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Published June 06, 2012, 11:30 PM

Simplifying the steps to safety; Study says placing focus on preventing injuries makes a big difference

BALTIMORE – Tens of thousands of lives have been saved over the years because Americans more routinely wear seat belts and don’t drive drunk. But there are other public health threats from those who text while driving or overdose on prescription drugs.

By: Meredith Cohn, The Baltimore Sun, INFORUM

BALTIMORE – Tens of thousands of lives have been saved over the years because Americans more routinely wear seat belts and don’t drive drunk.

But there are other public health threats from those who text while driving or overdose on prescription drugs.

That’s why a group of researchers began looking at which prevention measures work and who is using them across the country to stem the rate of injuries of all kinds. Injuries are the third-leading cause of death for adults and the biggest killer of young people.

“Injuries are a huge problem hiding in plain sight,” said Andrea Gielen, director of the Johns Hopkins Center for Injury Research & Policy and co-author of a new report released by the Trust for America’s Health and the Robert Wood Johnson Foundation. “People don’t necessarily recognize the toll.”

Researchers believe it’s the first time a report has identified 10 key injury-prevention measures and which states have adopted them. They hope their findings are used to influence public policy and laws and to change individuals’ behavior.

Up to now, no state has adopted all of the measures that focus on such things as seat belts, bike and motorcycle helmets, child safety seats and prescription drug monitoring programs. The resulting injuries are not only a health issue, but a financial one, said Jeffrey Levi, executive director of the Trust for America’s Health.

Annual federal funding for injury prevention has been cut by 24 percent in the past five years to $88.6 million, he said, and many lawmakers want to know what the return on the investment will be before boosting the money anew.

About 50 million Americans are treated for injuries every year, including 9.2 million children who are taken to emergency rooms, Levi said. About 12,000 children die from their injuries. The injuries also generate $4.6 billion in lifetime costs for medical care and lost productively.

But the report shows injury-prevention laws are making gains, he said. Seat belts saved an estimated 69,000 lives from 2005 to 2010. Motorcycle helmets saved about 8,000 lives, and child safety seats saved 1,800 from 2005 to 2009.

“There are some relatively simple and inexpensive things you can do to make a big difference,” Levi said. “If every state passed every law, millions of lives and millions of dollars would be saved.”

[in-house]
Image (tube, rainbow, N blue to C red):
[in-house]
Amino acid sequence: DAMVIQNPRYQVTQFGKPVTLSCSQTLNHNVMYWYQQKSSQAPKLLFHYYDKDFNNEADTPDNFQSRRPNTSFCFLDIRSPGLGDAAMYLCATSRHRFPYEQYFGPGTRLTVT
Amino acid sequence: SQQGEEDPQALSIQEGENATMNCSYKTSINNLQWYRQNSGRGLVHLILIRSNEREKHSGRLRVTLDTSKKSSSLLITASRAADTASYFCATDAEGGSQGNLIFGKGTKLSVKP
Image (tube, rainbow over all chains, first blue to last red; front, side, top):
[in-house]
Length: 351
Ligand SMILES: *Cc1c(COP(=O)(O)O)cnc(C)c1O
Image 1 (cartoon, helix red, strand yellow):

Nationally, the rate of death from injuries is 57.9 per 100,000 people.

In the wake of the killing of Yeardley Love at the University of Virginia, another effort is under way to curb domestic violence among young people, said Frances B. Phillips, Maryland’s deputy secretary for public health services. She said the new report will give officials more data to back up their arguments for laws and funding.

The report’s authors said research will continue to determine the best methods of preventing injury. Sometimes recommendations change. For example, Gielen said, children should be in booster seats until they are 8 years old and babies’ seats should remain backward until occupants are 2, longer than previously thought.

Once research shows what works, the public still will need convincing. Gielen noted drunken driving as an example. Laws were passed but injuries did not go down until Mothers Against Drunk Driving publicized the problem. The next step, Gielen and other researchers say, are mandatory ignition interlocks for all convicted drunken drivers.

But unintended consequences also could be a problem as new laws take effect, Levi said. For example, simply banning texting could make some drivers try to hide their phones from law enforcement, diverting their eyes longer from the road.

Nathaniel Thomas, who takes his young son to see a pediatrician at Johns Hopkins’ Harriett Lane Clinic, said becoming a father meant a huge learning curve for him. He said he’d never given much thought to baby gates, outlet covers and cabinet locks before having Nathaniel Jr. just over a year ago.

Now that his son is walking, he sees all kind of hazards and said he’s benefited from a safety center opened in his doctor’s office. The certified health educators there have shown him how to keep Nathaniel Jr. safe with products provided at low cost.

“This is my first child, and it’s all new to me,” said Thomas, who recently returned to the center for a second baby gate. “After I get it installed, I’ll feel more confident about his safety. It’ll keep him from getting into everything.”

Stephanie Parsons, project director for a mobile version of the Hopkins’ safety center, said even when people understand they need child safety seats, for instance, they don’t always use them correctly.

“They turn them around too fast or don’t belt them in properly,” Parsons said. “People know they need smoke detectors but then don’t test them to see if they work. Everyone needs to be taught about prevention.”